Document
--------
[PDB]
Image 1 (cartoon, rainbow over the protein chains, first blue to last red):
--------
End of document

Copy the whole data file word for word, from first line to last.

[PDB]
Image 1 (cartoon, rainbow over the protein chains, first blue to last red):